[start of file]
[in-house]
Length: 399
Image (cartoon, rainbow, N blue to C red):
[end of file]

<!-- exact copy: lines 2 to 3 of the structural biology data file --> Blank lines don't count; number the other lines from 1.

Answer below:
Length: 399
Image (cartoon, rainbow, N blue to C red):